In 2017, National Chiao Tung University launched a new cross-disciplinary curriculum framework to encourage undergraduate students to claim a second profession through a series of new modular programmes conjoint by various faculty. Different from any other degree programmes, the new curriculum framework not only allowed students to explore their professional interests in cross-disciplinary learning; but also provided them with fewer timing constraints and greater flexibility to plan their timetables throughout the semester by breaking down the 18-week course structure into three 6-week modules with specific topics.
However, with the structural changes brought by the cross-disciplinary curriculum framework, the original course management system didn’t have the affordance to tackle the new segmentation of curriculum structures and timeframes when it comes to module registration and management. To successfully roll out this project on time, the University decided to build a new system for the cross-disciplinary curriculum programme while adopting Moodle as the foundation for engineering development.
As a contracted designer, I was tasked to create the search & module registration flow for the new module management system in collaboration with the contracted developer in 2 months. My responsibilities on this project comprised of three things:
As the search & registration process was the core experience of this module management system, we wanted to make sure that the new system could fit the new cross-disciplinary curriculum framework and allowed the system to house all kinds of modular content.
Traditionally, a university course in Taiwan spanned over 18 weeks and was usually hosted by one institution. Hence, originally students could only explore other curriculums outside their majors by selecting the institutions before knowing what this institution had to offer. The new curriculum framework broke the 18-week course structure into three 6-week modules and reintegrated these modules from different institutions into a series of cross-disciplinary programmes that could be further grouped under various specific topics.
In response to the idea of cross-disciplinary learning, after several discussion with the University administration team, we divided the modular content into *Topic*, *Programme*, and *Module* following the framework’s three-tier scheme and created the search & registration flow accordingly to encourage students to explore the modules through the structure without having to second-guess which modules belong to which institution.
Moodle is an open-source learning management system that has been widely used by academic institutions around the world, including multiple universities in Taiwan. Developed for educational purposes, the open-source contains a wide range of customisable patterns and services that enables institutions to build their own digital learning platforms faster.
To understand the Moodle system better, we went through the rudimentary module management system put together by the University’s engineering team to assess the structures and components adopted from Moodle library.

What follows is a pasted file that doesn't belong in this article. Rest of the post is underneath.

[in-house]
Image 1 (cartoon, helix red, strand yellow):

Given only the span of 2 months for design and development, this provided us with a unique opportunity to take inspiration directly from Moodle to inform design decisions, learn the common behavioural patterns in digital learning, and sketch out the system structures with the underlying components.
To include as much detail as possible without cluttering up the landing page, we decided to present the topics and their programmes with the card component, which allowed students to explore different fields of study on the same page by simply expanding and collapsing the cards. On top of the section, we also put a drop-down list to further categorise the modular content chronologically by semester for future students to reference the past modules.
As the module enrolment didn’t operate on the first-come-first-serve basis, the registration process only required students to click on the *Register* button to be enlisted. Also, to make it easier for students to navigate, under the headline of the syllabus, we used the breadcrumbs feature as the indicator to show the exact location on the system and help them return to the higher-level pages.
On the profile page, we presented the registered modules alongside the academic hours to help the University and students track their learning history of each programme.
Students were allowed to log in to the new system with their original academic accounts as the cross-disciplinary curriculum was open to every NCTU student. However, the University was hoping to open up the resources to the public in the future. As a result, we added a link for the non-NCTU students to contact the administration team directly for the accounts.
The new module management system was eventually discontinued before moving on to other parts of the design and development due to several unresolved technical issues. There wasn’t enough time for the engineering team to test out all the functionality and stability before the roll-out. Therefore, the administration team decided to put the new system on hold and launch the cross-disciplinary curriculum project with other approaches.
Chen Yen-jen | Full Stack Developer